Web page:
WASHINGTON — Two days after Joe Biden was declared the winner in the presidential election, President Trump and his allies have vowed to keep on fighting, but his campaign team has already let go of some staff and isn’t extending others beyond this week, multiple sources told Yahoo News.
“They just laid off people,” a former Trump campaign adviser said Monday.
Another source familiar with the campaign told Yahoo News they were unaware of layoffs, but knew many staffers who were not being extended beyond this week and next.
“I’ve heard a lot of people have just one week left,” the source said, adding that those staffers were getting their last paycheck.
It’s standard operating procedure for presidential campaigns to let staff go after the election, particularly people involved in work like hosting live events, which are typically no longer needed once all the votes are cast. “Every campaign has a sell by date, even successful ones,” a Republican source said.
“This is why campaign life is the best and also worst job ever,” the source said.
But in this case, Trump and senior members of the campaign team have insisted this election is not over, potentially making the loss of staff more consequential.
Tim Murtaugh, the Trump campaign's communications director, framed the staff reduction as normal post-election turnover. “Unlike most campaigns, which close down immediately after Election Day, because of the unprecedented nature of the 2020 race, we have long had a plan to continue on to see President Trump reelected. However, staffers related to events, trips, door knocking and grassroots organizing played roles that ended on Election Day and obviously play less of a role after Election Day,” Murtaugh wrote in an email to Yahoo News.
As part of his effort to keep the election going, President Trump, who has falsely declared himself the winner and made baseless allegations of widespread “fraud,” has had lawyers for his campaign file multiple legal challenges and demanded recounts.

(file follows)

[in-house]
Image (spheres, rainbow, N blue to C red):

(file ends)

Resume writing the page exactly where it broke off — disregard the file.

On Monday evening, Trump’s team held a press conference where White House press secretary Kayleigh McEnany, who is also a spokesperson for the campaign, declared, “we want every legal vote to be counted and we want every illegal vote to be discarded.”
The former Trump campaign adviser attributed the need to shed staff to the fact the operation is “dry on cash.” In the final months of the election, heavy spending by Trump’s team eroded a financial advantage he was expected to have over Biden. During the past few days, the campaign has aggressively raised funds in support of its election challenges. According to Murtaugh, Trump’s team would have what it needed to keep challenging the election.“We are raising significant amounts of money to fuel the president’s challenges and will retain appropriate staff to see the post-election process through to the president’s victory,” he said.
A second former Trump campaign adviser said they knew senior people on the team would be “sticking around another couple weeks.” They suggested the team could survive cuts and still have what it needed to make legal challenges and push for recounts.
“You can probably trim down the operation and still be legit,” the source said.
However, the Republican source, who described post-election layoffs as a normal part of political campaigns, had questions about the scope of the campaign’s challenge efforts even before layoffs. The source noted that Utah Sen. Mitt Romney, who was the Republican nominee in 2012, had a robust operation for a potential challenge that year with a team of election lawyers and planes on standby to take them to key states.
In contrast, the source accused the Trump’s campaign of having “zero planning” with “no legit poll watching or recount plans” and staffers appearing on TV to make wild and baseless allegations rather than a serious team of lawyers and experts.
“Waving around the political equivalent of a bloody rag is no substitute for legitimate planning,” the Republican source said.
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